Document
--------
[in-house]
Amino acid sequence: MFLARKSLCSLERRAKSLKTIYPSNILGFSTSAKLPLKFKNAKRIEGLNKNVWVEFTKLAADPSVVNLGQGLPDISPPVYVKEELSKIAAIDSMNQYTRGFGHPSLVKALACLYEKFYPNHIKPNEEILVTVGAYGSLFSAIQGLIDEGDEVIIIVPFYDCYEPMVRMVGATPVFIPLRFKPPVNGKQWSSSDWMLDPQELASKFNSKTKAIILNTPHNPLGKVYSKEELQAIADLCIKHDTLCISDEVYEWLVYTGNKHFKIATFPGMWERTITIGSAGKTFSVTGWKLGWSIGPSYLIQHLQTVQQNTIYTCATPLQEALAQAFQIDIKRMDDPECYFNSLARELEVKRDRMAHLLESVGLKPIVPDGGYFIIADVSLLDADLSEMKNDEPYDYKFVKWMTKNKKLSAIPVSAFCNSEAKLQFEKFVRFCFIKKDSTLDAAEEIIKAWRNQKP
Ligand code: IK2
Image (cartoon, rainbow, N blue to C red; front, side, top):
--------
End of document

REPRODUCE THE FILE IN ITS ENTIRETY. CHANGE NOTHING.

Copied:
[in-house]
Amino acid sequence: MFLARKSLCSLERRAKSLKTIYPSNILGFSTSAKLPLKFKNAKRIEGLNKNVWVEFTKLAADPSVVNLGQGLPDISPPVYVKEELSKIAAIDSMNQYTRGFGHPSLVKALACLYEKFYPNHIKPNEEILVTVGAYGSLFSAIQGLIDEGDEVIIIVPFYDCYEPMVRMVGATPVFIPLRFKPPVNGKQWSSSDWMLDPQELASKFNSKTKAIILNTPHNPLGKVYSKEELQAIADLCIKHDTLCISDEVYEWLVYTGNKHFKIATFPGMWERTITIGSAGKTFSVTGWKLGWSIGPSYLIQHLQTVQQNTIYTCATPLQEALAQAFQIDIKRMDDPECYFNSLARELEVKRDRMAHLLESVGLKPIVPDGGYFIIADVSLLDADLSEMKNDEPYDYKFVKWMTKNKKLSAIPVSAFCNSEAKLQFEKFVRFCFIKKDSTLDAAEEIIKAWRNQKP
Ligand code: IK2
Image (cartoon, rainbow, N blue to C red; front, side, top):